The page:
Should Your Hometown Host the Olympics?

Posted by on Mar 13, 2017 in You Decide!

Every four years, the Olympic Games bring the attention of the world to a single city. In 2016, that city was Rio de Janeiro, Brazil. Hosting the Olympics is considered a great honor, and “candidate” cities must go through an intense multi-stage evaluation process lasting two years in order to become eligible.

Symbol from the Athens 2004 Oylmpics; Credit: ©Athens 2004/Alamy

Symbol from the Athens 2004 Oylmpics; Credit: ©Athens 2004/Alamy

However, with each cycle of games, the pool of potential “host” cities has shrunk. Recently, Budapest, Hungary became the third city to drop out of the running to host the 2024 games, leaving just Paris, France and Los Angeles, California as possibilities. This isn’t an unusual occurrence; in the last two Olympic cycles, seven “candidate” cities have dropped out, and Vienna, Austria has already voted against the possibility of hosting in 2028. In many of these cases, the citizens of potential candidate cities have voiced opposition due to the extreme cost of hosting the Games.

Based on what you have seen and heard in the news, YOU DECIDE: Would you want your hometown to host the Olympic Games?


  • In some cases, hosting the Olympics can bring a financial windfall to a city. For example, Los Angeles wound up with a surplus of $220 million after hosting the 1984 games.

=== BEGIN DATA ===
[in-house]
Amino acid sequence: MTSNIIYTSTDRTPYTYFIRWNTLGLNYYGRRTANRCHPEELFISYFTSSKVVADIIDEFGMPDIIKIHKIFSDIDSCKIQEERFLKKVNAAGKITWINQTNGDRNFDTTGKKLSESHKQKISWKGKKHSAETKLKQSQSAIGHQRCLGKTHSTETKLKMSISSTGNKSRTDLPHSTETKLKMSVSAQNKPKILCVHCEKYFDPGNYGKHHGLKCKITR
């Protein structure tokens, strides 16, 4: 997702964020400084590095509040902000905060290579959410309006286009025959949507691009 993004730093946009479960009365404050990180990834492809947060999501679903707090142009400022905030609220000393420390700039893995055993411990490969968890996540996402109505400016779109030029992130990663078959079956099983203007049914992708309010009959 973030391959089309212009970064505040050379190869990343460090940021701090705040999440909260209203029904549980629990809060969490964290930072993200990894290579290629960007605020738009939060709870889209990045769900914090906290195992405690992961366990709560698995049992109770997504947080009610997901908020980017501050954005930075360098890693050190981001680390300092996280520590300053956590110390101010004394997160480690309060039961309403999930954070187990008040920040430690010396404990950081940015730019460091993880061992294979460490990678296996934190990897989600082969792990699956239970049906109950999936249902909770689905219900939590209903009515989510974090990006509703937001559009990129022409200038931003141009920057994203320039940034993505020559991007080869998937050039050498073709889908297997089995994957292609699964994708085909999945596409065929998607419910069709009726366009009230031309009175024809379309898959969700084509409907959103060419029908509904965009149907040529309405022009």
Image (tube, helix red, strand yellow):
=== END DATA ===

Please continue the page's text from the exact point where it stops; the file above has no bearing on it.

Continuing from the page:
• International attention can cause a previously-overlooked city to become a popular destination spot (such as Salt Lake City, Utah).
  • The rapid development required to host the Games can lead to a temporary increase in economic activity, jobs, and real estate prices.
  • Host cities often are motivated to improve local infrastructure, such as airports and ground transportation, which may prove useful to its residents in the future.


  • Hosting the Games is extremely expensive. Host cities must spend huge amounts of money building and renovating infrastructure (such as stadiums, athlete housing, extending subway lines, etc.). The theory is that the host city will make the money back in the long run by continuing to host sporting events at these new stadiums in the future, but this isn’t always the case. For example, two golf courses were built in Rio for the 2016 games, but golf is not a popular sport in Brazil. As a result, both courses have already fallen into disrepair.
  • “The Post-Olympic Valley Effect” refers to the swift economic decline that many host cities have faced following the Games. A host city may spend millions or even billions of dollars creating hotels and stadiums which it will later have no use for. Many recent hosts–such as Atlanta, Athens, Greece, and Sydney–have built housing structures and other venues that have since become vacant.
  • Host cities’ tax dollars must be diverted from other important local needs, such as social programs, and instead used to build housing and infrastructure. In places such as Rio de Janiero, many residents are poor and depend on vital social services in order to survive. However, money was taken away from such services in order to support building for the Olympics.
You decide

Credit: McGraw-Hill Education

Would you want your home town to host the Olympics?

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